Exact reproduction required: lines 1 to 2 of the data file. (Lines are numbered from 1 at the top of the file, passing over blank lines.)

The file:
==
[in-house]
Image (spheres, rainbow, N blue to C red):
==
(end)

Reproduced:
[in-house]
Image (spheres, rainbow, N blue to C red):